Tuesday, September 15, 2020 | 4:00 PM EDT - 5:15 PM EDT
Zoom Webinar | Robert Zoellick
Starting with Benjamin Franklin, Alexander Hamilton, and Thomas Jefferson, and concluding with Henry Kissinger, Ronald Reagan, and James Baker, with comments on the foreign policies of Presidents Trump and Obama, in America in the World Robert Zoellick tells the story of U.S. diplomacy. Ambassador Zoellick identifies five themes as a framework for thinking about America’s role in the world: the importance of the North American base; the roles of trade, transnationalism, and technology; attitudes toward alliances and order; the need for public and Congressional support; and America’s purpose in the world. The analysis serves as both a history and a guide for those seeking to understand and to practice diplomacy.
The National Committee held a virtual program on September 15, 2020 with Ambassador Robert Zoellick in conversation with Financial Times editor and correspondent Lionel Barber. The event was hosted by National Committee Vice Chair Evan Greenberg and National Committee President Stephen Orlins.
Robert B. Zoellick
Robert B. Zoellick is senior counselor at Brunswick Geopolitical, an advisory service of the Brunswick Group, and a senior fellow at the Belfer Center for Science and International Affairs at Harvard University’s Kennedy School of Government. In addition, Ambassador Zoellick serves on the boards of Temasek, Singapore’s Sovereign Wealth Fund, and Twitter, Inc., and is on the advisory board of Swiss Re. He is a member of the boards of the Peterson Institute for International Economics and the Carnegie Endowment, chairs the Global Tiger Initiative, and is a member of the Global Leadership Council of Mercy Corps, a global humanitarian agency.
Ambassador Zoellick was president of the World Bank Group from 2007 to 2012, U.S. Trade Representative from 2001 to 2005, and deputy secretary of state from 2005 to 2006. From 1985 to 1993, Ambassador Zoellick served as counselor to the secretary of the Treasury and under secretary of state, as well as White House deputy chief of staff.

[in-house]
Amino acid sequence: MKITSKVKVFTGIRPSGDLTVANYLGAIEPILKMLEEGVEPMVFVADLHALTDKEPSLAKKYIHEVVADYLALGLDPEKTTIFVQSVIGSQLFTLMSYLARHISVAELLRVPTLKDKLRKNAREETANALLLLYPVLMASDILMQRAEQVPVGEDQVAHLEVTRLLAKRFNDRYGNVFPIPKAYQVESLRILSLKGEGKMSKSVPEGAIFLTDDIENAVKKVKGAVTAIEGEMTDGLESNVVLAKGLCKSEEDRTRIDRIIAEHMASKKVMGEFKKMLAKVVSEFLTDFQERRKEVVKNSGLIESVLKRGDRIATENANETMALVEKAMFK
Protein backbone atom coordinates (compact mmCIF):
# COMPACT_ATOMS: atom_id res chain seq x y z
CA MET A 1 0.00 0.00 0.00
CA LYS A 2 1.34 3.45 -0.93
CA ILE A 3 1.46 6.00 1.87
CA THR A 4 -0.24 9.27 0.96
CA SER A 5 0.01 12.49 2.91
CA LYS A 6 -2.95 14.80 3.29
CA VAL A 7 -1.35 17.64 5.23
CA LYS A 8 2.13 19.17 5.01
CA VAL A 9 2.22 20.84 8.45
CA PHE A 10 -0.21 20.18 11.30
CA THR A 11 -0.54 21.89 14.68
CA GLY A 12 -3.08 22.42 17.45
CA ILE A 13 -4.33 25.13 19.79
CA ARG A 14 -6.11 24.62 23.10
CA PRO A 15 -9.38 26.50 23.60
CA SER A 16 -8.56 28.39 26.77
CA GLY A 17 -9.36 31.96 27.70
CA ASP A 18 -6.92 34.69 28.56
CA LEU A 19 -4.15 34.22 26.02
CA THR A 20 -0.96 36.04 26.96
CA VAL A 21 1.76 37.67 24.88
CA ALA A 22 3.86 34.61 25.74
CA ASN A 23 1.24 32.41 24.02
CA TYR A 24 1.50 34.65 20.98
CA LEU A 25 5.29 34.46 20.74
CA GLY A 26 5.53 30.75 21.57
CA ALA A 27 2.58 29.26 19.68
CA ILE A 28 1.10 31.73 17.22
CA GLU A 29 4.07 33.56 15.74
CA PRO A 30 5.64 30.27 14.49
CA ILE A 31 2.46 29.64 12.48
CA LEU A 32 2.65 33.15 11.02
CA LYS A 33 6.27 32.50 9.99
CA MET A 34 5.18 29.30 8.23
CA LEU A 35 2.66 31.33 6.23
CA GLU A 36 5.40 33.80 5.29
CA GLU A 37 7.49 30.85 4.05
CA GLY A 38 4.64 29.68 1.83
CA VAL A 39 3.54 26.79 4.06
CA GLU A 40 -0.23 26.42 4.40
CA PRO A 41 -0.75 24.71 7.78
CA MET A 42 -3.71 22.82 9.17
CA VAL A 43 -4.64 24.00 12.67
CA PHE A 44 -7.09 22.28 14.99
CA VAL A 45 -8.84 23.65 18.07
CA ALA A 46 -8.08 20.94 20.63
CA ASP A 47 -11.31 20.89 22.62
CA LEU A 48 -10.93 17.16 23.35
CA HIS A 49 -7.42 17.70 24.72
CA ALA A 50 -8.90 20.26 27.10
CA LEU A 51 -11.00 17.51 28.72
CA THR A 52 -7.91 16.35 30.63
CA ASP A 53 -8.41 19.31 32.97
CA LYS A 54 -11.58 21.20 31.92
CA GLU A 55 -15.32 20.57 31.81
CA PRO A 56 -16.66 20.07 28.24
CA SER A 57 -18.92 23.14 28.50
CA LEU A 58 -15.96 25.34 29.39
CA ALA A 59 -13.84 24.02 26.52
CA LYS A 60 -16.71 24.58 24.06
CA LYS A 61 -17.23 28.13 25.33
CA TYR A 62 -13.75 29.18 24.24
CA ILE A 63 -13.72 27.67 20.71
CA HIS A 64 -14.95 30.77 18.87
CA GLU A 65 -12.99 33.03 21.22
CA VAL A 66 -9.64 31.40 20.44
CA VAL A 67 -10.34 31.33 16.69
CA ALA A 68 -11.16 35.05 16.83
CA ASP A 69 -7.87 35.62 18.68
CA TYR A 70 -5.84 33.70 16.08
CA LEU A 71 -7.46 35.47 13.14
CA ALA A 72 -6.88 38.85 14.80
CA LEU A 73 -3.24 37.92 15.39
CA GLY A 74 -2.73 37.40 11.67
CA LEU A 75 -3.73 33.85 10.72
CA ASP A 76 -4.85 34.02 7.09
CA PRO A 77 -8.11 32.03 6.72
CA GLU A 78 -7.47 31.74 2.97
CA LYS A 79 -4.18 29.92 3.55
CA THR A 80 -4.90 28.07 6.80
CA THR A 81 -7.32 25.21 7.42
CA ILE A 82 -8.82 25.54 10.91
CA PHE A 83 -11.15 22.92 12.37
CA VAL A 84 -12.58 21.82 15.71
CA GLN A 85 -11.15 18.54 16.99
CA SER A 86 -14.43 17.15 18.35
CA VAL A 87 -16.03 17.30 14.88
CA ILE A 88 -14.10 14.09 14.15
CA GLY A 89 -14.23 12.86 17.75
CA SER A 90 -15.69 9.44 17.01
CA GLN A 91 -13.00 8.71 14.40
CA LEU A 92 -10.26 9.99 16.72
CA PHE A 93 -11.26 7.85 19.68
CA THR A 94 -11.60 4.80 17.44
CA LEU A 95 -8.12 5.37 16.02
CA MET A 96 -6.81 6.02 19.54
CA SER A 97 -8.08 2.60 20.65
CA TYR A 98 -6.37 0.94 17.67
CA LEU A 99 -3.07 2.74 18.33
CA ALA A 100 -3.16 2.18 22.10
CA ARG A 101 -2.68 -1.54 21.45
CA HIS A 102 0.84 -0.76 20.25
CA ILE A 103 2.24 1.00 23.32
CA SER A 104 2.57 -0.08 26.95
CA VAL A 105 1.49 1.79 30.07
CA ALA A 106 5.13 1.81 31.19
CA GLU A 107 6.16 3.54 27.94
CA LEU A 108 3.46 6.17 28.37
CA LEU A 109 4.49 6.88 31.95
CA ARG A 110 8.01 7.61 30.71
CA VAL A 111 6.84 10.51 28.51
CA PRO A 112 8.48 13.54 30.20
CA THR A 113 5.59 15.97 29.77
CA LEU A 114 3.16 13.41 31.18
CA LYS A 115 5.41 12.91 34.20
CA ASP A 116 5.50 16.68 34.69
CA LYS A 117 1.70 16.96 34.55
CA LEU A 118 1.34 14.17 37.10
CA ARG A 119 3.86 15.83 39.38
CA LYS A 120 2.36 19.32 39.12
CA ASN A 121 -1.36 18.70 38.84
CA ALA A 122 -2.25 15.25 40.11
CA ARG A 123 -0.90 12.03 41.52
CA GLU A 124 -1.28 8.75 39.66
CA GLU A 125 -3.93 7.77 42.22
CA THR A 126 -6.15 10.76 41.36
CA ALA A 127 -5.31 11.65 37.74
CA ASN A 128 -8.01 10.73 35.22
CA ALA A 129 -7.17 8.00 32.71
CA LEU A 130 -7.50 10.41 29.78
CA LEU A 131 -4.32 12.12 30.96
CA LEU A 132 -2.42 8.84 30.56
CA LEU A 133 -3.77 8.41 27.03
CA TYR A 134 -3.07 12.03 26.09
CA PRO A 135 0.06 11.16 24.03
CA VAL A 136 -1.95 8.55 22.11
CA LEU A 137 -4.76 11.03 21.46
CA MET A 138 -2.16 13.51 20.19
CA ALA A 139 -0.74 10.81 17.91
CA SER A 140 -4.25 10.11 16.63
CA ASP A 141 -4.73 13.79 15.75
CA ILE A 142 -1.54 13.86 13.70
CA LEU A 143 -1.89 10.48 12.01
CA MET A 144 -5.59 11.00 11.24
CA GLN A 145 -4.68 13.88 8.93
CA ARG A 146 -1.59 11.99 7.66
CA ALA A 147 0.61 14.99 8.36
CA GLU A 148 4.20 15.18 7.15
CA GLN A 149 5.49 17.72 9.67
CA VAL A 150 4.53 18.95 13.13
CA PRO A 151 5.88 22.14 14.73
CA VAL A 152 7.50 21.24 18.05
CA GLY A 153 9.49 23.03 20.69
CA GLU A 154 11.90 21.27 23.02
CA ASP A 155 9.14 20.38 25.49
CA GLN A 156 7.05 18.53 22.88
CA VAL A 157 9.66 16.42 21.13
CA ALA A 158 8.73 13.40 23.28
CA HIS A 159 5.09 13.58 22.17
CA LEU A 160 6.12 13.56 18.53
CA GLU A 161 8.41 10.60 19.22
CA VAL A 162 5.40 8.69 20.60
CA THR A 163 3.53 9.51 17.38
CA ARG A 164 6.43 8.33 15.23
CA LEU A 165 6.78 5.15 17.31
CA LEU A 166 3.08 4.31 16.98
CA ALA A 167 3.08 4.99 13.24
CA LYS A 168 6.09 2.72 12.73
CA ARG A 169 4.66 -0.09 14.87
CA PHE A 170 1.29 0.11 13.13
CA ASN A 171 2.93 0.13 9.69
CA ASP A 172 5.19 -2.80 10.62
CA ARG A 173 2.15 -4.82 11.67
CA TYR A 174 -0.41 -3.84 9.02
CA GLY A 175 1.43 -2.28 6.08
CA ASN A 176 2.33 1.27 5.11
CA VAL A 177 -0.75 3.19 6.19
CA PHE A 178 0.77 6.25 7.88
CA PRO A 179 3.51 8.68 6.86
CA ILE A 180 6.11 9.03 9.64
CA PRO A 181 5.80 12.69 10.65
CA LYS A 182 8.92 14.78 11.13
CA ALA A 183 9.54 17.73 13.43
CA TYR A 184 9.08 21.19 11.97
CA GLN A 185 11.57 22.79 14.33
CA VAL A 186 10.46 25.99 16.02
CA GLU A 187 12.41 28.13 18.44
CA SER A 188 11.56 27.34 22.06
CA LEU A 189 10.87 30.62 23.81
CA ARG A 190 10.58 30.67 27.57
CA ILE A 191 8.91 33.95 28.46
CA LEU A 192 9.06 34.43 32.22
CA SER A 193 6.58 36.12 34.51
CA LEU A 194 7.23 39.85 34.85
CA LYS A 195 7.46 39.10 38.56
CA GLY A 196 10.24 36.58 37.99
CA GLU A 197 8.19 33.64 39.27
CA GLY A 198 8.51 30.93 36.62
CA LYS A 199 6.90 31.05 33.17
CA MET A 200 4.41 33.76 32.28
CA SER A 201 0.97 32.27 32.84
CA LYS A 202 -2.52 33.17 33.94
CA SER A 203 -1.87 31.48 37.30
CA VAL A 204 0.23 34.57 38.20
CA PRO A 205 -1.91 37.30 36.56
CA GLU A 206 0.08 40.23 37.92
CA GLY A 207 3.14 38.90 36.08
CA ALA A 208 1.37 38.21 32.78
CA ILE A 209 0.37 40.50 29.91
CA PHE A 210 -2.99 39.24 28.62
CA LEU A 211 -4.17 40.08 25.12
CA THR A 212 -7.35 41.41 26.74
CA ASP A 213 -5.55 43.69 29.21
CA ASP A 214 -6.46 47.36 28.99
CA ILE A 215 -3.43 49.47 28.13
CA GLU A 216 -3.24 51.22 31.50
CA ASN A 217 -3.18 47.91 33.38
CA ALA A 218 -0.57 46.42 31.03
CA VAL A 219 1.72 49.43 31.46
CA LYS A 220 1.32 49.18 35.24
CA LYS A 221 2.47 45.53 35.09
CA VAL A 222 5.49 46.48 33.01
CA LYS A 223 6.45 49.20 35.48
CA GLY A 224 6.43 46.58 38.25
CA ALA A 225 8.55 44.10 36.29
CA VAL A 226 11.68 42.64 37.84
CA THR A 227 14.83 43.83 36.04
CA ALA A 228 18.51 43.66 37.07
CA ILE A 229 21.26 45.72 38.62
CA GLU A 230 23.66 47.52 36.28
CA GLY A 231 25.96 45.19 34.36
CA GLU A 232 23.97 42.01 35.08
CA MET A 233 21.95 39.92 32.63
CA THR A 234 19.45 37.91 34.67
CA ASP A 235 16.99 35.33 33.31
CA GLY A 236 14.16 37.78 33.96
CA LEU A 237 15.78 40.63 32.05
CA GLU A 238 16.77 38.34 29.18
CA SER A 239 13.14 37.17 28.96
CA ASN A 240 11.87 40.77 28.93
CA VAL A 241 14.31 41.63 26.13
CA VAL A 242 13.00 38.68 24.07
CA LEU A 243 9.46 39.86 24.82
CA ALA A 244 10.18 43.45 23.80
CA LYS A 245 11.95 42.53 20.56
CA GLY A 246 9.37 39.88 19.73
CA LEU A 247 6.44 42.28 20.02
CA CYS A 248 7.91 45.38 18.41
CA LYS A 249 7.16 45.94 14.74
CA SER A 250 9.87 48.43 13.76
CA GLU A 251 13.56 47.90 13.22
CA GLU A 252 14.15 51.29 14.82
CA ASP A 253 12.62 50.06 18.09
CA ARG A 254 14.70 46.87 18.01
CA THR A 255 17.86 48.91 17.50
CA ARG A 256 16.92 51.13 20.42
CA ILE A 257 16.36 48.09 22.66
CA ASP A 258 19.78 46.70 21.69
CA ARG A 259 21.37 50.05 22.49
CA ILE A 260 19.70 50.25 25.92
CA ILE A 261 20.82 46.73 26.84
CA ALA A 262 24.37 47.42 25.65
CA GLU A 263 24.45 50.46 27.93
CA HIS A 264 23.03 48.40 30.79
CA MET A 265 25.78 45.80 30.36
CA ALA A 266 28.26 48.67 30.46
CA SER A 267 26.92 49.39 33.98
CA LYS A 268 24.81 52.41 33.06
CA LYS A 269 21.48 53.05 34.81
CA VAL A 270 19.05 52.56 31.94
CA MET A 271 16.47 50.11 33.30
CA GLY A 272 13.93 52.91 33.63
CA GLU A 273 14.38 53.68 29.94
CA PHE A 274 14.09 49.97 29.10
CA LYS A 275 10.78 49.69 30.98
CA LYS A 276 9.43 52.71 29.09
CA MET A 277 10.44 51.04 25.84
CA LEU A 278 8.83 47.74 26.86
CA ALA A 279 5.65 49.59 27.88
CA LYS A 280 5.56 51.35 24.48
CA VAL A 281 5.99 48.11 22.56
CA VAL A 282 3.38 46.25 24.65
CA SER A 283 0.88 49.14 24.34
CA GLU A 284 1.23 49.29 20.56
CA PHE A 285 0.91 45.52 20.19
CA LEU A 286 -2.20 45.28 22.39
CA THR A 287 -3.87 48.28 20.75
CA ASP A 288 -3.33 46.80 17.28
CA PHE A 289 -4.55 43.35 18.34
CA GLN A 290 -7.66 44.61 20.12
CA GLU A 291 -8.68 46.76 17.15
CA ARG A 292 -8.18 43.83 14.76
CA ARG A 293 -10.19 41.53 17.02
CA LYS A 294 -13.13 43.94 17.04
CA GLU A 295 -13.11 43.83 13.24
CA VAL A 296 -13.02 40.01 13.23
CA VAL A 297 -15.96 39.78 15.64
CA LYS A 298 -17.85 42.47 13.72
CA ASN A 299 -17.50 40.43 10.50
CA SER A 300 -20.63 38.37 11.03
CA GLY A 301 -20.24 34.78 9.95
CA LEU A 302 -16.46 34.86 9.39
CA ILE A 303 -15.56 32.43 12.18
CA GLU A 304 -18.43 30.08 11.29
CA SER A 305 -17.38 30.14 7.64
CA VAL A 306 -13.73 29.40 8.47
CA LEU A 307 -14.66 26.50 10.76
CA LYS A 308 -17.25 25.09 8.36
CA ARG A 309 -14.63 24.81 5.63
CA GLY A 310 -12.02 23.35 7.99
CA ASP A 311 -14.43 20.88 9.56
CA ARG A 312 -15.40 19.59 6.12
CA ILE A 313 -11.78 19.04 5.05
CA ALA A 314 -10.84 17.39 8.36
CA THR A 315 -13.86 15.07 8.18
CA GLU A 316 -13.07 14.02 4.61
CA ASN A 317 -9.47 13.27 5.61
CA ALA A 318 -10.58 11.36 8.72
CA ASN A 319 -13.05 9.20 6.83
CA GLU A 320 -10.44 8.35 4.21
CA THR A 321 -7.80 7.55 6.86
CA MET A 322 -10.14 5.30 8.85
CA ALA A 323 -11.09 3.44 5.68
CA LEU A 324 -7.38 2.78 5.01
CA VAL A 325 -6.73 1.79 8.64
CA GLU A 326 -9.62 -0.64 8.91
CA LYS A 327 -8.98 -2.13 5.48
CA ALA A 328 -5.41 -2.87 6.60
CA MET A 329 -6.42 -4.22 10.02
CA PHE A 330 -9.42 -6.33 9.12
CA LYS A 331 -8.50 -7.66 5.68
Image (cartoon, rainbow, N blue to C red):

Ambassador Zoellick has received the Distinguished Service Award, the Department of State’s highest honor; the Alexander Hamilton Award of the Department of the Treasury; and the Medal for Distinguished Public Service of the Department of Defense. The German government awarded him the Knight Commanders Cross for his achievements in the course of German unification. The Mexican and Chilean governments awarded him their highest honors for non-citizens, the Aztec Eagle and the Order of Merit, respectively, for recognition of his work on free trade, development, and the environment.
Ambassador Zoellick holds a J.D. magna cum laude from the Harvard Law School, a master’s degree in public policy from Harvard’s Kennedy School of Government, and a bachelor’s degree (Phi Beta Kappa) from Swarthmore College.
Lionel Barber is a writer and broadcaster. Between 2005 and 2020, he served as editor of the Financial Times. During his tenure, the Financial Times was transformed from a print-led newspaper into a global, multichannel news organization, winning multiple awards for its journalism, including UK Newspaper of the Year (three times), as well as Overseas Press Club, Gerald Loeb, and Society of Publishers in Asia awards.
Mr. Barber has co-written several books and lectured widely on foreign affairs, international economic policy and business matters. His book The Powerful and the Damned: Private Diaries in Turbulent Times will be published in November.
Appearing regularly on TV and radio, as Financial Times editor, Mr. Barber interviewed many world leaders in business and politics, including U.S. Presidents Barack Obama and Donald Trump, President Vladimir Putin of Russia, Chancellor Angela Merkel of Germany, and President Hassan Rouhani of Iran.